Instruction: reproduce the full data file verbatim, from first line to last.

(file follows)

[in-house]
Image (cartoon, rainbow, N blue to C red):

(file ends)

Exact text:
[in-house]
Image (cartoon, rainbow, N blue to C red):